Control of Lacustrine Phytoplankton by Nutrients: Erosion of the Phosphorus Paradigm
International Review of Hydrobiology
Control of lacustrine phytoplankton biomass by phosphorus is one of the oldest and most stable paradigms in modern limnology. Even so, evidence from bioassays conducted by multiple investigators at numerous sites over the last three decades shows that N is at least as likely as P to be limiting to phytoplankton growth. A number of important flaws in the evidence supporting the phosphorus paradigm have contributed to an unrealistic degree of focus on phosphorus as a controlling element. These include insufficient skeptism in interpretation of: 1) the phosphorus: chlorophyll correlation in lakes, 2) the results of whole-lake fertilization experiments, and 3) stoichiometric arguments based on total N:total P ratios for inland waters. A new paradigm based on parity between N and P control of phytoplankton biomass in lakes seems more viable than the P paradigm. The new paradigm renews interest in the degree to which plankton communities are molded in composition by small differences in relative availability of N and P, the mechanisms that lead to a high frequency of N limitation in oligotrophic lakes, and the failure of aquatic N-fixers to compensate significantly for N deficiency under most conditions. A new N/P paradigm still must acknowledge that suppression of P loading often will be the most effective means of reducing phytoplankton biomass in eutrophic lakes, even if N is initially limiting.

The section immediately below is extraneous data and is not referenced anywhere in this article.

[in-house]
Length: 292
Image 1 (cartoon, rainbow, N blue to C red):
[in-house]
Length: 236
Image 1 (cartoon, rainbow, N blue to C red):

Lewis, W.M., Jr. and W.A. Wurtsbaugh. 2008. Control of lacustrine phytoplankton by nutrients: Erosion of the phosphorus paradigm. International Review of Hydrobiology 93:446-465.